Thursday, January 27

Visiting K'uuna Llanagaay with Watchmen - Skedans, Gwaii Haanas



After a night moored at McCoy Cove, we sail toward K'uuna Llanagaay, formely know as Skedans, where we get our first exposure to Gwaii Haanas National Park Reserve and Haida Heritage Site. Although this ancient village is technically outside the boundary of the reserve, is is staffed by Haida watchmen, in partnership with Parks Canada. The watchmen, often seen atop Haida poles in groups of three, were traditionally those who kept watch for unwanted visitors to the village, giving warning when undesirable company showed up at K'uuna Llanagaay. Today's watchmen have pretty much the same role as they had when this was a thriving Haida village with hundreds of inhabitants.

Before we go to shore, we must radio ahead to the watchmen from our sailing vessel and ask permission to come to shore. The watchmen are keepers of the material remains on behalf of the Haida. They do not have to give tours, but will open up for honoured guests such as us, with whom a well-established relationship has been built over time. We meet watchman Paul Rosang of Skidegate today.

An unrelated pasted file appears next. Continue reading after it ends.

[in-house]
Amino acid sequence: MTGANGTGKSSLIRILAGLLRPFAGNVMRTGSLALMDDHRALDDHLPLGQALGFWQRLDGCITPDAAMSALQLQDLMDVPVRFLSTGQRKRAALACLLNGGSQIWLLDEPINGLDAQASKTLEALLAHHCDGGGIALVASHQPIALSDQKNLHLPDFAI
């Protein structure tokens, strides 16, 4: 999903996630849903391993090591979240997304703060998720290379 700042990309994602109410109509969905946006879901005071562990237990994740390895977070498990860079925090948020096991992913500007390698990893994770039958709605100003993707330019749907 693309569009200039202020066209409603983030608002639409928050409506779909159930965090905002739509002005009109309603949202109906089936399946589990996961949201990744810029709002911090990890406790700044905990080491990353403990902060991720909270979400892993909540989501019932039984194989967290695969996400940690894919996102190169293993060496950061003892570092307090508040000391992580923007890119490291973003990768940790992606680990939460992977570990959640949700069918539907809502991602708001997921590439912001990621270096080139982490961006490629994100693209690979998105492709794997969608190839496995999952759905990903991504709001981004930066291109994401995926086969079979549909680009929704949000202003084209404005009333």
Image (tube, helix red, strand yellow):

Apparently visited by famed artist Emily Carr in 1912 at a time when many glorious poles were still standing, a counscious decision has been made in recent years to let the village's remains go back into the land over time. This is what the Haida see as the most natural and desired outcome. Today many poles covered with moss are virtually indistinguishable from other logs laying on the ground. Howewer, the foundations of majestic long houses are easily made out all around us at K'uuna Llanagaay.